Let us hope 2022 proves to be a less challenging year for agriculture, writes Jenni Bartram, Consultant Solicitor, Harrowells Solicitors

So we reach the end of what has been a somewhat patchy year in agriculture. It is easy to allow seasonal goodwill to dull the memory a little but the pig industry - other than that of Peppa Pig - will not forget the pressures thrown onto the sector in earlier in the year or the amount of lobbying that had to be done to ensure the government acted.

Whilst current commodity prices going forward look good, that has to be balanced by massive increases in the cost of fertilizers and machinery. The livestock sector is singled out for further tightening of standards regarding greenhouse gas emissions whilst other, higher polluting, sectors are largely ignored.

There is a price for food production, to take it from farm to table, uphold good animal and health safety standards and ensure a high quality product. Support to agriculture has been the price European society has, to a degree, been willing to pay in previous decades to subsidise that price and supply of food to the general public.

We are now, however, in a new age of ELMS, green capital and carbon capture. I note with interest that a recent sector survey reported that, despite the next reduction in BPS payments due in 2022, two thirds of farmers were carrying on as before or awaiting developments before deciding how they were going to move forward.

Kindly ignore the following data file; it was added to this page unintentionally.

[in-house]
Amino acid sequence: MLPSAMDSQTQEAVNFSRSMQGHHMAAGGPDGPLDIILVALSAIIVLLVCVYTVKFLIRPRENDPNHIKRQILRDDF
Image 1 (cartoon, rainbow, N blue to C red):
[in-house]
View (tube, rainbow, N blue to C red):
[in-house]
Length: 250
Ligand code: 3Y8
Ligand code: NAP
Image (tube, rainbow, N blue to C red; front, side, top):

This is not really surprising as whilst the Agriculture Act and Environment Act have been followed through with statutory instruments and regulations from DEFRA and EA, some interesting conflicts have occurred.

The short notice in August, to a very busy farming community, in respect of organic fertilizer storage, raised a few questions and I am sure that will be a continuing learning curve over the next few years.

The industry can only develop in the direction the Government desires if some degree of certainty being given.

Overnight change is particularly unhelpful when not all the facts and figures are available to make informed decisions. Farming is a business and, whilst there will always be some areas of farmland that can be utilized to provide the public benefit required for public funding, sustainable farming will not be a case of “wilding “ large tracts of productive land but looking at the whole picture of the land holding and its enterprises.

In passing, an interesting case in court this year, was the action taken by the plant milk manufacturer Oatly against Glebe Farm Foods, in relation to Glebe’s product Oaty, which Oatly claimed damaged their brand name which view the court rejected. It pays to consider product brand names very carefully before using one that can be adapted easily by others.

At Harrowells, we have remained open and available to provide our professional assistance over the last eighteen months to assist our agricultural and rural clients in relation to succession issues, property transactions, partnership and company agreements and commercial contract disputes and more and look forward to providing that continuing care in the New Year.

May Stephen Proctor, Susie Mortonson, Matthew Rowley, Phil Nelson, Katie I’Anson, Anita Cooper and I and the wider Harrowells team wish you a happy Christmas and all of the very best in 2022.